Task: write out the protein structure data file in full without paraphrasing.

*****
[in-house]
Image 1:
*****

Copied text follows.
[in-house]
Image 1: